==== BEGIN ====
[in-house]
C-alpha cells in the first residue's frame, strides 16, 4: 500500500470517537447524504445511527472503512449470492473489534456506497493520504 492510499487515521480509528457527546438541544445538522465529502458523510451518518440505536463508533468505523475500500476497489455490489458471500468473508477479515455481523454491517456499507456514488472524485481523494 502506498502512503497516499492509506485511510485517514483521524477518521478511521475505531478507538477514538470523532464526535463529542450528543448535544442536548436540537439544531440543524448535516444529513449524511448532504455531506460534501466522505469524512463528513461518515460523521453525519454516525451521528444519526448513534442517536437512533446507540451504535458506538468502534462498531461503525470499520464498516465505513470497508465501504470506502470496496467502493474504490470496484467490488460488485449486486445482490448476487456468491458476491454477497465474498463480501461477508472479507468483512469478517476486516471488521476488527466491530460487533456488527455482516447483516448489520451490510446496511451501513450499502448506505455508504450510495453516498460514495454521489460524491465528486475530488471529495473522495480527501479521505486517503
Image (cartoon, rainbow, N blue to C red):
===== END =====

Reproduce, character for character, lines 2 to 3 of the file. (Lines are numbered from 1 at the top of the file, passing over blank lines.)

C-alpha cells in the first residue's frame, strides 16, 4: 500500500470517537447524504445511527472503512449470492473489534456506497493520504 492510499487515521480509528457527546438541544445538522465529502458523510451518518440505536463508533468505523475500500476497489455490489458471500468473508477479515455481523454491517456499507456514488472524485481523494 502506498502512503497516499492509506485511510485517514483521524477518521478511521475505531478507538477514538470523532464526535463529542450528543448535544442536548436540537439544531440543524448535516444529513449524511448532504455531506460534501466522505469524512463528513461518515460523521453525519454516525451521528444519526448513534442517536437512533446507540451504535458506538468502534462498531461503525470499520464498516465505513470497508465501504470506502470496496467502493474504490470496484467490488460488485449486486445482490448476487456468491458476491454477497465474498463480501461477508472479507468483512469478517476486516471488521476488527466491530460487533456488527455482516447483516448489520451490510446496511451501513450499502448506505455508504450510495453516498460514495454521489460524491465528486475530488471529495473522495480527501479521505486517503
Image (cartoon, rainbow, N blue to C red):